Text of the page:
Special thanks to the National Teacher of the Year Program sponsors: Google for Education, Equitable, Pearson, Cambium Assessment, Cognia, Curriculum Associates, Data Recognition Corporation, ETS, GoGuardian, MetaMetrics, NWEA, Smarter Balanced and Voya.

Harlee Harvey, 2023 Alaska Teacher of the Year

Harlee Harvey is a first-grade teacher at Tikiġaq School in Point Hope, Alaska. She has been teaching there for nine years. Harvey was born and raised in Fairbanks, Alaska. Upon completing her Bachelor of Arts in elementary education at the University of Alaska Fairbanks in 2014, she moved to Point Hope. Harvey taught fifth grade there for three years before transferring to first grade. While teaching fifth grade, she earned her Master of Education in English as a second language and bilingual education through the American College of Education in 2017. Harvey received her educational specialist degree in educational leadership from the American College of Education in 2020 and returned in May of 2022 to finish her doctorate.

Teaching in rural Alaska has been a unique and rewarding experience for Harvey. In a region where most teachers leave within two years, she has thrived. Over the years, she has learned two of the most important practices she can implement in her classroom: culturally responsive teaching and relationship building with students, families and community. These relationships and authentic integration of culture in the classroom have allowed her to meet her students and families where they are, encourage academic and social growth and learn alongside her students as they teach her about their traditions and culture. It has been an honor and blessing for Harvey to be able to serve the students and community of Tikiġaq and she looks forward to many more years.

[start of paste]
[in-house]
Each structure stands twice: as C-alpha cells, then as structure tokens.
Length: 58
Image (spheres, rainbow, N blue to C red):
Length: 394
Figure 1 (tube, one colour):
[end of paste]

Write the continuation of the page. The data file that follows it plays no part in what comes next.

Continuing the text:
Harvey’s Teacher of the Year application is available here.

Carolyn Kielma, 2023 Connecticut Teacher of the Year

Since 2002, Carolyn Kielma has taught the love of science to students in Connecticut. For the last 15 years, she has taught biology, biotechnology and forensics, environmental science, anatomy and physiology and the Advancement Via Individual Determination (AVID) class at Bristol Eastern High School. Since earning her Bachelor of Science in biology from Susquehanna University and her Master of Science in secondary education from the University of New Haven, Kielma has found her greatest reward comes from the successes of her students – not just in science, but in life.

Kielma believes teaching is not only about curriculum but also helping youth become better humans. Her goal is to provide an inclusive environment where all students feel valued, accepted and treated with equity. Kielma believes learning is not about knowing the right answer; it is a process of discovery. As AVID coordinator at her school, Kielma works to close the achievement gap by providing opportunities that prepare all students for college readiness and success in a global society. She provides professional development to inspire teachers across her district and travels nationwide to train teachers in engagement strategies that promote equity and inclusion.

Kielma recently received a fellowship grant via Fund for Teachers to study wolves, bears and elk at the Grizzly & Wolf Discovery Center and within Yellowstone National Park and share her experiences virtually with her urban students. She also coordinates STEMonday, a monthly science, technology, engineering and mathematics challenge which connects and builds relationships between elementary and high school students.

Kielma’s Teacher of the Year application is available here.

Jermar Rountree, 2023 District of Columbia Teacher of the Year

Jermar Rountree is a health and physical education teacher at Center City Public Charter School, Brightwood Campus. In the Center City network, he also serves as the District teacher lead for the physical education and health department. Outside of Center City, he has led the state-level Physical Education Leadership Cadre in evaluating elementary and secondary health curricula in order to share that information with physical educators throughout the District.

Rountree started his career at the YMCA in Danbury, Connecticut, in 2008, working with children of all ages. He also started his own business teaching day care personnel how to deliver safe and fun physical education to their students. In 2012, Rountree moved to Washington, D.C., to begin teaching physical education and health to elementary students.